Adding a lane in each direction on I-95 in southern Connecticut and on I-84 between Danbury and Waterbury could boost the state's economy by billions of dollars, says a new report from the state's Department of Transportation.

Both projects are critically important to Gov. Malloy’s 30-year, $100 billion dollar plan to make Connecticut's transportation infrastructure “best in class”—and both would be a welcome sight to many Connecticut businesses. 

A 2013 survey found that the No. 1 transportation-related concern for Connecticut businesses was road congestion. More than half of businesses said the transportation project with the greatest benefit to Connecticut would be highway improvement and expansion. 

The DOT's report seemed to echo these findings in terms of real dollars. 

The report claimed the expansion of I-95, one of the most congested corridors in the United States, would produce $15.5 billion in new business sales, at $9 billion to the state's gross state product, and add $6.3 billion in new wage income to workers. 

DOT also projects the I-84 expansion would add $4.4 billion in new business sales, add $2.6 billion to the gross state product, and add $1.8 billion in new wage income to workers. 

Businesses would not be the only beneficiaries of these projects.  Drivers would be saved 18.7 million hours of delay by the year 2040, claims DOT.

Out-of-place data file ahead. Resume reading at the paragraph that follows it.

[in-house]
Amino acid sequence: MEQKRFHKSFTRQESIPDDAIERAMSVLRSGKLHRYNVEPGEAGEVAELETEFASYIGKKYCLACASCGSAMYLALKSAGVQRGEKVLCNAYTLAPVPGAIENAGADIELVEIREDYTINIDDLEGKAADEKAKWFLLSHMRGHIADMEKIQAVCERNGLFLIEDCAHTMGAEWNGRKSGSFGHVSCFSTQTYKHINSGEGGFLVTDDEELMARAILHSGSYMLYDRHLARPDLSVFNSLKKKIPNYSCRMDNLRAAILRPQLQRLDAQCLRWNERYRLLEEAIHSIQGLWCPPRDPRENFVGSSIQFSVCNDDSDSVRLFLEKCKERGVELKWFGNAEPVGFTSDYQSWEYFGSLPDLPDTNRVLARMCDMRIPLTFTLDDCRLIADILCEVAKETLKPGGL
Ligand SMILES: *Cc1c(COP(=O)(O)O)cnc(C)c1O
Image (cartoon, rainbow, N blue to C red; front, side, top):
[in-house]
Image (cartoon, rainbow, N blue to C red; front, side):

Of course the elephant in the room is still the cost of these projects (estimated at more than $12 billion dollars), along with the rest of the Governor's massive transportation plan. 

Lawmakers increased the state's sale tax during the 2015 legislative session in order to provide a dedicated source of funding to ramp up the planning stages of the Governor's transportation plan. 

The governor also created a transportation financing panel to identify the best source of revenue for the balance of the $100 billion dollar plan.   

As policymakers prepare for budget talks with the governor to patch the most recent deficit, Gov. Malloy says funding for his transportation vision is off limits.

Yet many lawmakers believe the transportation project should be on the negotiating table. 

By the end of the 2016 legislative session, Connecticut businesses should have a better understanding of whether the governor's transportation plan gets the green light as planned, whether it will be pared down, and how we will pay for it.

For more information, contact CBIA’s Eric Gjede at 860.244.1931 | eric.gjede@cbia.com | @egjede